After the crew had begun work at the job site, Sager learned that under Minnesota law an electrical contractor could not use temporary employees from an employment agency; rather, all employees had to be directly employed by the contractor itself. Sager informed Buelow about this law and about Hansen's low productivity and poor workmanship; Buelow then discharged Hansen on September 14. Hansen asked Sager if Town Country would hire him directly, but Sager refused to do so.

Affirming the Administrative Law Judge's decision, the Board found that Town Country had violated sections 8(a)(1) and 8(a)(3) of the Act by refusing to interview the two union officials and eight other union members because of their union affiliation and by refusing to retain Hansen because of his union activity at the job site. Town Country Elec., Inc., 309 N.L.R.B. 1250, 1992 WL 390106 (1992). In so holding, the Board found that the two union organizers and the other union members, including Hansen, were employees within the meaning of section 2(3) of the Act. In its petition, Town Country argues that this finding was improper.

II.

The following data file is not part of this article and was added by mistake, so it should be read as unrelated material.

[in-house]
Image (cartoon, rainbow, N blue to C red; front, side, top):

The Act "confers rights only on employees, not on unions or their nonemployee organizers." Lechmere, Inc. v. NLRB, 502 U.S. 527, ___, 112 S.Ct. 841, 845, 117 L.Ed.2d 79 (1992). Applicants for employment, however, have long been considered to be employees under the Act. Phelps Dodge Corp. v. NLRB, 313 U.S. 177, 181-88, 61 S.Ct. 845, 846-50, 85 L.Ed. 1271 (1941). Although the task of defining the term "employee" has been assigned primarily to the Board as the agency created by Congress to administer the Act, Sure-Tan, Inc. v. NLRB, 467 U.S. 883, 891, 104 S.Ct. 2803, 2808, 81 L.Ed.2d 732 (citing NLRB v. Hearst Publications, Inc., 322 U.S. 111, 130, 64 S.Ct. 851, 860, 88 L.Ed. 1170 (1944)), the Board's construction of the term is not immune from judicial review, Allied Chemical Alkali Workers v. Pittsburgh Plate Glass Co., 404 U.S. 157, 166, 92 S.Ct. 383, 391, 30 L.Ed.2d 341 (1971). We will uphold the Board's interpretation only if it is reasonable. Sure-Tan, 467 U.S. at 891, 104 S.Ct. at 2808; Pittsburgh Plate Glass, 404 U.S. at 166, 92 S.Ct. at 391.